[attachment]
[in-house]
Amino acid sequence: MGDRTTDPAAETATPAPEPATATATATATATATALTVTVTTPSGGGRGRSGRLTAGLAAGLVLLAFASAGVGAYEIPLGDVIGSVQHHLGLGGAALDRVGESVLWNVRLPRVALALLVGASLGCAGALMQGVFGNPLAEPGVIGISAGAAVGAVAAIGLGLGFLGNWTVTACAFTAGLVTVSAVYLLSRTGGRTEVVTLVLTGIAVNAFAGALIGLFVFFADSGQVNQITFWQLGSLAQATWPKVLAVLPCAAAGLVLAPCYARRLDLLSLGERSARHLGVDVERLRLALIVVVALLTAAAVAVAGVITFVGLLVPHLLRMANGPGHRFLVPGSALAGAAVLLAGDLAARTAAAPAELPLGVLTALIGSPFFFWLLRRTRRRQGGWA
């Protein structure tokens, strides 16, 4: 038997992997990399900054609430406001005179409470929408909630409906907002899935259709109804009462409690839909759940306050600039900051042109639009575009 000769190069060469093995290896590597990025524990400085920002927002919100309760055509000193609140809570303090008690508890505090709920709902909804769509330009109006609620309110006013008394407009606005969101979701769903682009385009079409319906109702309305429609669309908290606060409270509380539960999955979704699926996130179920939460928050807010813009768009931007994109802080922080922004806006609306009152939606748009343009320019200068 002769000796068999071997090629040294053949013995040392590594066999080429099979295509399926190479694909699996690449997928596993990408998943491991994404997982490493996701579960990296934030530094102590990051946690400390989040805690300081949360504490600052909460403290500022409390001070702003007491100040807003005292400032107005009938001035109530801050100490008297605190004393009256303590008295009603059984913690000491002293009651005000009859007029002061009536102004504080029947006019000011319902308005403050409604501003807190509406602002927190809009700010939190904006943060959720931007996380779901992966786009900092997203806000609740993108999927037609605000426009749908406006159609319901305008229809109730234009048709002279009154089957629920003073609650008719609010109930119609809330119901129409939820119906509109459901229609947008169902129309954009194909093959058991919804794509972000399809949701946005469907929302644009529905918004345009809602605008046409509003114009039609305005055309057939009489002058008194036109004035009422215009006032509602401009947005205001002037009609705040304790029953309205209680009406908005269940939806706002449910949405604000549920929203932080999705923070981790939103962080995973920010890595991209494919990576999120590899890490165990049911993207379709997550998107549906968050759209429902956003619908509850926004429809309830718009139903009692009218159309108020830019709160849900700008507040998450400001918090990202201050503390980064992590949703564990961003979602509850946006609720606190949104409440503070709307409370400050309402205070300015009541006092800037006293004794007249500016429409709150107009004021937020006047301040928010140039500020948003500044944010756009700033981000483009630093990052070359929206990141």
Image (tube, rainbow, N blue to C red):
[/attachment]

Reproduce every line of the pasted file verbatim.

[in-house]
Amino acid sequence: MGDRTTDPAAETATPAPEPATATATATATATATALTVTVTTPSGGGRGRSGRLTAGLAAGLVLLAFASAGVGAYEIPLGDVIGSVQHHLGLGGAALDRVGESVLWNVRLPRVALALLVGASLGCAGALMQGVFGNPLAEPGVIGISAGAAVGAVAAIGLGLGFLGNWTVTACAFTAGLVTVSAVYLLSRTGGRTEVVTLVLTGIAVNAFAGALIGLFVFFADSGQVNQITFWQLGSLAQATWPKVLAVLPCAAAGLVLAPCYARRLDLLSLGERSARHLGVDVERLRLALIVVVALLTAAAVAVAGVITFVGLLVPHLLRMANGPGHRFLVPGSALAGAAVLLAGDLAARTAAAPAELPLGVLTALIGSPFFFWLLRRTRRRQGGWA
């Protein structure tokens, strides 16, 4: 038997992997990399900054609430406001005179409470929408909630409906907002899935259709109804009462409690839909759940306050600039900051042109639009575009 000769190069060469093995290896590597990025524990400085920002927002919100309760055509000193609140809570303090008690508890505090709920709902909804769509330009109006609620309110006013008394407009606005969101979701769903682009385009079409319906109702309305429609669309908290606060409270509380539960999955979704699926996130179920939460928050807010813009768009931007994109802080922080922004806006609306009152939606748009343009320019200068 002769000796068999071997090629040294053949013995040392590594066999080429099979295509399926190479694909699996690449997928596993990408998943491991994404997982490493996701579960990296934030530094102590990051946690400390989040805690300081949360504490600052909460403290500022409390001070702003007491100040807003005292400032107005009938001035109530801050100490008297605190004393009256303590008295009603059984913690000491002293009651005000009859007029002061009536102004504080029947006019000011319902308005403050409604501003807190509406602002927190809009700010939190904006943060959720931007996380779901992966786009900092997203806000609740993108999927037609605000426009749908406006159609319901305008229809109730234009048709002279009154089957629920003073609650008719609010109930119609809330119901129409939820119906509109459901229609947008169902129309954009194909093959058991919804794509972000399809949701946005469907929302644009529905918004345009809602605008046409509003114009039609305005055309057939009489002058008194036109004035009422215009006032509602401009947005205001002037009609705040304790029953309205209680009406908005269940939806706002449910949405604000549920929203932080999705923070981790939103962080995973920010890595991209494919990576999120590899890490165990049911993207379709997550998107549906968050759209429902956003619908509850926004429809309830718009139903009692009218159309108020830019709160849900700008507040998450400001918090990202201050503390980064992590949703564990961003979602509850946006609720606190949104409440503070709307409370400050309402205070300015009541006092800037006293004794007249500016429409709150107009004021937020006047301040928010140039500020948003500044944010756009700033981000483009630093990052070359929206990141």
Image (tube, rainbow, N blue to C red):